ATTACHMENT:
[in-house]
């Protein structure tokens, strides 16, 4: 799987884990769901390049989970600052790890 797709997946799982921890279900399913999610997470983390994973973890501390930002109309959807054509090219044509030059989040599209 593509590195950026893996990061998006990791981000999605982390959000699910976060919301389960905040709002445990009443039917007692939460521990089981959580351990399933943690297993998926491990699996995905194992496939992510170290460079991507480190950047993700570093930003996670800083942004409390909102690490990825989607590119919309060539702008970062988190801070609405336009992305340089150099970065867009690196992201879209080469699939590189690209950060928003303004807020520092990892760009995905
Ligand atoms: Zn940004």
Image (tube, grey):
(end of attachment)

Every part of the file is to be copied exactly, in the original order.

[in-house]
């Protein structure tokens, strides 16, 4: 799987884990769901390049989970600052790890 797709997946799982921890279900399913999610997470983390994973973890501390930002109309959807054509090219044509030059989040599209 593509590195950026893996990061998006990791981000999605982390959000699910976060919301389960905040709002445990009443039917007692939460521990089981959580351990399933943690297993998926491990699996995905194992496939992510170290460079991507480190950047993700570093930003996670800083942004409390909102690490990825989607590119919309060539702008970062988190801070609405336009992305340089150099970065867009690196992201879209080469699939590189690209950060928003303004807020520092990892760009995905
Ligand atoms: Zn940004």
Image (tube, grey):